But this pro-state thinking really started to hit its stride in the wake of the the Great Depression (beginning in 1929) – with the renowned economist John Maynard Keynes arguing that laissez-faire economics had failed to maintain a healthy economy and that state planning and intervention was necessary to help the economy recover, as well as to function generally. He was especially critical of the laissez-faire illusion that capitalism was a “self-correcting mechanism” – in other words, that the state need not intervene in the economy when things seemed to be going downhill because the markets would solve the problem unassisted. The Great Depression suggested otherwise.
Micklethwait and Wooldridge argue that in spite of the fact that Keynes was a liberal not a socialist, his critique of modern capitalism was “far more devastating than Marx’s,” who believed capitalism should be overthrown, “because it was couched in the language of modern economics and because it was written […] from a position of exasperated sympathy with the [capitalist] system rather than angry hostility.” Instead, Keynes argued that capitalism could have its downsides counterbalanced by “the careful use of government spending”, as Micklethwait and Wooldridge put it.
Because his thinking advocated reform over revolution as Marx’s did, Keynesianism became accepted in Britain as the template for how the state should operate in the wider economy. And the idea that a bigger state was better for society was catching on even more so in other major economies in the early to mid-twentieth century. In Russia and Germany two forms of Socialism took over in 1917 and 1933 respectively. In Russia it was Lenin and Trotsky’s Communism, before being taken over by Stalin who made the state and the economy indistinguishable from each other, taking over the factories and collectivising the farmland. In Germany it was Hitler’s National Socialism, who used the state not only to repair the economy after the Great Depression, but also used it (as Stalin also did) to spy upon people and persecute certain minorities, culminating in the death camps which slaughtered millions of innocent Jews, Romanis and people of colour, as well as those who were physically or mentally disabled. Stalin similarly used the Russian state to butcher millions, partly so as to stamp out potential rebellions before they could occur.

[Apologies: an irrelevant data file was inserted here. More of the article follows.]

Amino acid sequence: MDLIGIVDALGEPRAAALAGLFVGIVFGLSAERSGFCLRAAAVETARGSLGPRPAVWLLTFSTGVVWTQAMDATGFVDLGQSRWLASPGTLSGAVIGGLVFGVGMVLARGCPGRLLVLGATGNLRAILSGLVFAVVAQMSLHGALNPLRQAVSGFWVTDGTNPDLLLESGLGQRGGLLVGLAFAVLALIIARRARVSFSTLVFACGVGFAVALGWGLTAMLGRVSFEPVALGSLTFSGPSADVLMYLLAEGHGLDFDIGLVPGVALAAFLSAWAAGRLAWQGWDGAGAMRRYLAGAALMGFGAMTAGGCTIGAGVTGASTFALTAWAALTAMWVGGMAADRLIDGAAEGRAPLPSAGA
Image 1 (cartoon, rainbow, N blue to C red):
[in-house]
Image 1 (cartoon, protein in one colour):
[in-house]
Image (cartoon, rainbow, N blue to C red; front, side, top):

Then in America there were the two Roosevelts; Teddy Roosevelt, who was president from 1901-9 and Franklin D. Roosevelt, who served from 1933-1945 – managing to win four consecutive elections, the most of any president in US history. Teddy Roosevelt acted on the Webb’s premise that laissez-faire economics was dead and believed that capitalism needed to be restrained by the state. He therefore set up regulatory bodies like the Bureau of Corporations to “break up corporations and empower consumers.” However, he did not believe that the state should actually take over private industry, but rather keep it line. He also set out to “protect consumers from rogue corporations” by passing laws to help ensure quality of produce, such as the Meat Inspection Act (1906) and the Pure Food and Drug Act (1906).
Image: By Mdbeckwith (Own work) [CC BY 3.0 (http://creativecommons.org/licenses/by/3.0)], via Wikimedia Commons